Suitable pearlizing waxes are, for example, alkylene glycol esters, especially ethylene glycol distearate; fatty acid alkanolamides, especially coconuffatty acid diethanolamide; partial glycerides, especially stearic acid monoglyceride; esters of polybasic, optionally hydroxysubstituted carboxylic acids with fatty alcohols containing 6 to 22 carbon atoms, especially long-chain esters of tartaric acid; fatty compounds, such as for example fatty alcohols, fatty ketones, fatty aldehydes, fatty ethers and fatty carbonates which contain in all at least 24 carbon atoms, especially laurone and distearylether; fatty acids, such as stearic acid, hydroxystearic acid or behenic acid, ring opening products of olefin epoxides containing 12 to 22 carbon atoms with fatty alcohols containing 12 to 22 carbon atoms and/or polyols containing 2 to 15 carbon atoms and 2 to 10 hydroxyl groups and mixtures thereof.
 Consistency Factors and Thickeners
 The consistency factors mainly used are fatty alcohols or hydroxyfatty alcohols containing 12 to 22 and preferably 16 to 18 carbon atoms and also partial glycerides, fatty acids or hydroxyfatty acids. A combination of these substances with alkyl oligoglucosides and/or fatty acid N-methyl glucamides of the same chain length and/or polyglycerol poly-12-hydroxystearates is preferably used. Suitable thickeners are, for example, Aerosil® types (hydrophilic silicas), polysaccharides, more especially xanthan gum, guar-guar, agar-agar, alginates and tyloses, carboxymethyl cellulose and hydroxyethyl cellulose, also relatively high molecular weight polyethylene glycol monoesters and diesters of fatty acids, polyacrylates (for example Carbopols®) and Pemulen types [Goodrich]; Synthalens® [Sigma]; Keltrol types [Kelco]; Sepigel types [Seppic]; Salcare types [Allied Colloids]), polyacrylamides, polyvinyl alcohol and polyvinyl pyrrolidone, surfactants such as, for example, ethoxylated fatty acid glycerides, esters of fatty acids with polyols, for example pentaerythritol or trimethylol propane, narrow-range fatty alcohol ethoxylates or alkyl oligoglucosides and electrolytes, such as sodium chloride and ammonium chloride.
 Superfatting Agents
 Superfatting agents may be selected from such substances as, for example, lanolin and lecithin and also polyethoxylated or acylated lanolin and lecithin derivatives, polyol fatty acid esters, monoglycerides and fatty acid alkanolamides, the fatty acid alkanolamides also serving as foam stabilizers.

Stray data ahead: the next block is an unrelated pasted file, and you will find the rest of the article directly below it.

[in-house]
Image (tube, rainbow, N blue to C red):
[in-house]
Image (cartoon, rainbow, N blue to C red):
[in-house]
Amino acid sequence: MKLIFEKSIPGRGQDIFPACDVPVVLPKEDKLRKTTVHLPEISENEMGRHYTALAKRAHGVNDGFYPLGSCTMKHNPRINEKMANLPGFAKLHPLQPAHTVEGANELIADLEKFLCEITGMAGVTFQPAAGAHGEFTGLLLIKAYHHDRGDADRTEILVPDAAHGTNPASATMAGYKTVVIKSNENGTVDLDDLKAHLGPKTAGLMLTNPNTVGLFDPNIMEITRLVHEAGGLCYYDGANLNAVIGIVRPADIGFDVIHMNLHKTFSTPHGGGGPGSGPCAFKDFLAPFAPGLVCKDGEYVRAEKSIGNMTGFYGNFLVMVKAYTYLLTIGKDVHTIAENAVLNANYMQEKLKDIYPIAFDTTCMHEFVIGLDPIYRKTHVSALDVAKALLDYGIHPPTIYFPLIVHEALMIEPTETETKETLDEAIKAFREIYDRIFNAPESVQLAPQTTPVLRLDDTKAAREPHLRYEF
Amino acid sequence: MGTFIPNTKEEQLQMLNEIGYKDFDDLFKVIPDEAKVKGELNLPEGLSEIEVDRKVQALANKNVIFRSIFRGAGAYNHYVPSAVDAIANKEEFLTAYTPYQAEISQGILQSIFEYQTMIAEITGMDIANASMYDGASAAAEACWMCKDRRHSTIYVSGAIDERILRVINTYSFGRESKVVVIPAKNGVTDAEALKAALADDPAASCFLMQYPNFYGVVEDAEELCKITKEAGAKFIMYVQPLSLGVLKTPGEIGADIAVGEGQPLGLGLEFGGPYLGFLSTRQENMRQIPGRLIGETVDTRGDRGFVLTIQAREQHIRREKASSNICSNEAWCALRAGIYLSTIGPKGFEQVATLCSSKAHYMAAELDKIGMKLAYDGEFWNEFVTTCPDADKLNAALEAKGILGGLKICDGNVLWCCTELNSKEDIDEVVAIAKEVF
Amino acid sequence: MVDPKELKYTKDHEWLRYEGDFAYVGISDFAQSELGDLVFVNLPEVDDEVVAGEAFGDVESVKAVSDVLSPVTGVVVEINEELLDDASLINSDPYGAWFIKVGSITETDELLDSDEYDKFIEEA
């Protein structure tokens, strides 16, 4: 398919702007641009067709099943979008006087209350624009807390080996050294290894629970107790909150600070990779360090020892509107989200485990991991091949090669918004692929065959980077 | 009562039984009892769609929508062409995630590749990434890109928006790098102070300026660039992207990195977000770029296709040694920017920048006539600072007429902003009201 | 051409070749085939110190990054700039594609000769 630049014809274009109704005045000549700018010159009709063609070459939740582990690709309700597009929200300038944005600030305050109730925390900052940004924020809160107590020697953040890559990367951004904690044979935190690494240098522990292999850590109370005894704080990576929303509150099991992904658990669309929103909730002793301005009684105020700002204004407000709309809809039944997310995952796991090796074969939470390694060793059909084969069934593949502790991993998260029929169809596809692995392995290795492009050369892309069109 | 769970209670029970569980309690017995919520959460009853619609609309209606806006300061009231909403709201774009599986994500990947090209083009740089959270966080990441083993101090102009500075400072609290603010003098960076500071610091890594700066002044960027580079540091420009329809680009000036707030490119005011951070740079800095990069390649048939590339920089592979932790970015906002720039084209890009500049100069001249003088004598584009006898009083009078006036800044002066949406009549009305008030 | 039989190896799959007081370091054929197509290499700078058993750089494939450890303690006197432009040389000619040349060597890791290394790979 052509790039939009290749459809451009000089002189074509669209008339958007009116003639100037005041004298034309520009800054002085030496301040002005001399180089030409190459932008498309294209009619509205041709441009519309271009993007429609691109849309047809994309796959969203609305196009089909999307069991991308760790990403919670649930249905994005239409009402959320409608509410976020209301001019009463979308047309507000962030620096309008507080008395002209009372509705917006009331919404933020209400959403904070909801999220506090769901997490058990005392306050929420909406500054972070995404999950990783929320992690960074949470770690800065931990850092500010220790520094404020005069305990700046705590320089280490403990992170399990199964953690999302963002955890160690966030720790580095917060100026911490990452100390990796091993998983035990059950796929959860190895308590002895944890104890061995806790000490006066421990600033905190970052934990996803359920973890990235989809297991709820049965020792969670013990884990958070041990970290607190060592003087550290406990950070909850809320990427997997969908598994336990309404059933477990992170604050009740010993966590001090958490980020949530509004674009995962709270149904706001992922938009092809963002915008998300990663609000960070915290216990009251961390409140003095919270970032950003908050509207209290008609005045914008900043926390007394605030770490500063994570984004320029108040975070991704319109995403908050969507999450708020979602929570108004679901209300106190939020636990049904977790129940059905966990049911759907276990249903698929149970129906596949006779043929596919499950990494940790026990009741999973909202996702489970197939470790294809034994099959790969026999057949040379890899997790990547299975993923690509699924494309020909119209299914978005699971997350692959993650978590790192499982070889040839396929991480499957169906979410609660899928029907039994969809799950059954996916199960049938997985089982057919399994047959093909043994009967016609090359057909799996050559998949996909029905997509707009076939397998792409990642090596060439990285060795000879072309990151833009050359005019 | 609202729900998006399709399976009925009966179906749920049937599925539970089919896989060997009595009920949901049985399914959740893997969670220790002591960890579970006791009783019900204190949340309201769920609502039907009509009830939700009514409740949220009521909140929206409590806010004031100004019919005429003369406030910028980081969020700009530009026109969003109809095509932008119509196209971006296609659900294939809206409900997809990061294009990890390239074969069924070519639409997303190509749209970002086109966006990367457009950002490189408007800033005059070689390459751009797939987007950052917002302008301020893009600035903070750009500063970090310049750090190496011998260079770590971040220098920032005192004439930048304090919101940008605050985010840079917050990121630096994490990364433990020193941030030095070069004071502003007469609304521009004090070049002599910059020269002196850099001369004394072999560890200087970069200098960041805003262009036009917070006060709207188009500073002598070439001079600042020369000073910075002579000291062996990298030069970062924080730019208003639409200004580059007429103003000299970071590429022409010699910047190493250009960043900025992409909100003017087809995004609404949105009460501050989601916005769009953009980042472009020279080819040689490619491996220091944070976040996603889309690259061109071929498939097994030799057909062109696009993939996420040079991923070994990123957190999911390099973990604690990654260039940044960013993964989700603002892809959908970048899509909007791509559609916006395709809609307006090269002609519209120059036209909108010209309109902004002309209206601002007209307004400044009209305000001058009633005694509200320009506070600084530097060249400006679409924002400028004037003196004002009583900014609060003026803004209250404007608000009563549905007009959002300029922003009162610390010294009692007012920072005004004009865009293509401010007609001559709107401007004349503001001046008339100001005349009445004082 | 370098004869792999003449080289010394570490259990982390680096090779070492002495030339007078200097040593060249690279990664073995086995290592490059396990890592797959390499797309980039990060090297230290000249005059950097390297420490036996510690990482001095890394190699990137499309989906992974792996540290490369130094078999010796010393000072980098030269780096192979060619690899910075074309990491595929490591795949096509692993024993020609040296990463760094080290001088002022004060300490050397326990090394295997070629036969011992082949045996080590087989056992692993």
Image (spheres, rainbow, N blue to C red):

Metal salts of fatty acids such as, for example, magnesium, aluminium and/or zinc stearate or ricinoleate may be used as stabilizers.
 Suitable cationic polymers are, for example, cationic cellulose derivatives such as, for example, the quaternized hydroxyethyl cellulose obtainable from Amerchol under the name of Polymer JR 400®, cationic starch, copolymers of diallyl ammonium salts and acrylamides, quaternized vinyl pyrrolidone/vinyl imidazole polymers such as, for example, Luviquat® (BASF), condensation products of polyglycols and amines, quaternized collagen polypeptides such as, for example, Lauryldimonium Hydroxypropyl Hydrolyzed Collagen (Lamequat® L, Grünau), quaternized wheat polypeptides, polyethyleneimine, cationic silicone polymers such as, for example, Amodimethicone, copolymers of adipic acid and dimethylamino-hydroxypropyl diethylenetriamine (Cartaretine®, Sandoz), copolymers of acrylic acid with dimethyl diallyl ammonium chloride (Merquat® 550, Chemviron), polyaminopolyamides as described, for example, in FR 2252840 A and crosslinked water-soluble polymers thereof, cationic chitin derivatives such as, for example, quaternized chitosan, optionally in micro-crystalline distribution, condensation products of dihaloalkyls, for example dibromobutane, with bis-dialkylamines, for example bis-dimethylamino-1,3-propane, cationic guar gum such as, for example, Jaguar®CBS, Jaguar®C-17, Jaguar®C-16 of Celanese, quaternized ammonium salt polymers such as, for example, Mirapol® A-15, Mirapol® AD-1, Mirapol® AZ-1 of Miranol.
 Suitable anionic, zwitterionic, amphoteric and nonionic polymers are, for example, vinyl acetate/crotonic acid copolymers, vinyl pyrrolidone/vinyl acrylate copolymers, vinyl acetate/butyl maleate/isobornyl acrylate copolymers, methyl vinylether/maleic anhydride copolymers and esters thereof, uncrosslinked and polyol-crosslinked polyacrylic acids, acrylamido-propyl trimethylammonium chloride/acrylate copolymers, octylacryl-amide/methyl methacrylate/tert.-butylaminoethyl methacrylate/2-hydroxy-propyl methacrylate copolymers, polyvinyl pyrrolidone, vinyl pyrrolidone/vinyl acetate copolymers, vinyl pyrrolidone/dimethylaminoethyl methacrylate/vinyl caprolactam terpolymers and optionally derivatized cellulose ethers and silicones. Other suitable polymers and thickeners can be found in Cosmetics & Toiletries, Vol. 108, May 1993, pages 95 et seq.